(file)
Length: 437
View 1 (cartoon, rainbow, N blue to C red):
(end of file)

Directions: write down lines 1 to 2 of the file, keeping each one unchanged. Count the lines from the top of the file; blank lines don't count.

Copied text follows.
Length: 437
View 1 (cartoon, rainbow, N blue to C red):